Learning across business sectors: Knowledge sharing between aerospace and construction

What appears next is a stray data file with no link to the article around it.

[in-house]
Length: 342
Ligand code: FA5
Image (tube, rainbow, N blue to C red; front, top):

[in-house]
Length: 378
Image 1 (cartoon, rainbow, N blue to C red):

This report addresses the extent that managerial practices can be shared between the aerospace and construction sectors. Current recipes for learning from other industries tend to be oversimplistic and often fail to recognise the embedded and contextual nature of managerial knowledge. Knowledge sharing between business sectors is best understood as an essential source of innovation. The process of comparison challenges assumptions and better equips managers to cope with future change. Comparisons between the aerospace and construction sectors are especially useful because they are so different. The two sectors differ hugely in terms of their institutional context, structure and technological intensity. The aerospace sector has experienced extensive consolidation and is dominated by a small number of global companies. Aerospace companies operate within complex networks of global interdependency such that collaborative working is a commercial imperative. In contrast, the construction sector remains highly fragmented and is characterised by a continued reliance on small firms. The vast majority of construction firms compete within localised markets that are too often characterised by opportunistic behaviour. Comparing construction to aerospace highlights the unique characteristics of both sectors and helps explain how managerial practices are mediated by context. Detailed comparisons between the two sectors are made in a range of areas and guidance is provided for the implementation of knowledge sharing strategies within and across organisations. The commonly accepted notion of ‘best practice’ is exposed as a myth. Indeed, universal models of best practice can be detrimental to performance by deflecting from the need to adapt continuously to changing circumstances. Competitiveness in the construction sector too often rests on efficiency in managing contracts, with a particular emphasis on the allocation of risk. Innovation in construction tends to be problem-driven and is rarely shared from project to project. In aerospace, the dominant model of competitiveness means that firms have little choice other than to invest in continuous innovation, despite difficult trading conditions. Research and development (R&D) expenditure in aerospace continues to rise as a percentage of turnovers. A sustained capacity for innovation within the aerospace sector depends crucially upon stability and continuity of work. In the construction sector, the emergence of the ‘hollowed-out’ firm has undermined the industry’s capacity for innovation. Integrated procurement contexts such as prime contracting in construction potentially provide a more supportive climate for an innovation-based model of competitiveness. However, investment in new ways of working depends upon a shift in thinking not only amongst construction contractors, but also amongst the industry’s major clients.
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